Bone resorption

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Bone resorption
Classification and external resources
Osteoclast.jpg
Osteoclast, displaying many nuclei within its "foamy" cytoplasm, above a bone's surface
ICD-10M80
ICD-9733.99
eMedicineent/646
MeSHD001862
 
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Bone resorption
Classification and external resources
Osteoclast.jpg
Osteoclast, displaying many nuclei within its "foamy" cytoplasm, above a bone's surface
ICD-10M80
ICD-9733.99
eMedicineent/646
MeSHD001862

Bone resorption is the process by which osteoclasts break down bone[1] and release the minerals, resulting in a transfer of calcium from bone fluid to the blood.[2]

The osteoclasts are multi-nucleated cells that contain numerous mitochondria and lysosomes. These are the cells responsible for the resorption of bone. Osteoclasts are generally present on the outer layer of bone, just beneath the periosteum. Attachment of the osteoclast to the osteon begins the process. The osteoclast then induces an infolding of its cell membrane and secretes collagenase and other enzymes important in the resorption process. High levels of calcium, magnesium, phosphate and products of collagen will be released into the extracellular fluid as the osteoclasts tunnel into the mineralized bone. Osteoclasts are also prominent in the tissue destruction commonly found in psoriatic arthritis and other rheumatology related disorders.

The human body is in a constant state of bone remodeling.[3] Bone is resorbed by osteoclasts, and is deposited by osteoblasts in a process called ossification. Osteocyte activity also plays a key role in this process. Conditions that result in a decrease in bone mass, can either be caused by an increase in resorption, or a decrease in ossification.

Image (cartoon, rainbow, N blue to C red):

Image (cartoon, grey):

During childhood, bone formation exceeds resorption, but as the aging process occurs, resorption exceeds formation.

Regulation[edit]

Bone resorption is highly stimulated or inhibited by signals from other parts of the body, depending on the demand for calcium.

Calcium-sensing membrane receptors in the parathyroid gland monitor calcium levels in the extracellular fluid. Low levels of calcium stimulates the release of parathyroid hormone (PTH) from chief cells of the parathyroid gland. In addition to its effects on kidney and intestine, PTH also increases the number and activity of osteoclasts. The increase in activity of already existing osteoclasts is the initial effect of PTH, and begins in minutes and increases over a few hours.[3] Continued elevation of PTH levels increases the abundance of osteoclasts. This leads to a greater resorption of calcium and phosphate ions.[3]

High levels of calcium in the blood, on the other hand, leads to decreased PTH release from the parathyroid gland, decreasing the number and activity of osteoclasts, resulting in less bone resorption. Vitamin D increases absorption of calcium and phosphate in the intestinal track, leading to elevated levels of plasma calcium,[3] and thus lower bone resorption.

Calcitriol (1,25-dihydroxycholecalciferol) is the active form of vitamin D3.[4] It has numerous functions involved in blood calcium levels. Recent research indicates that calcitriol leads to a reduction in osteoclast formation, and bone resorption.[5][6] Although it follows that an increase in vitamin D3 intake should lead to a decrease in bone resorption, it has been shown that oral administration of vitamin D does not linearly correlate to increased serum levels of calcifediol,[7] the precursor to calcitriol.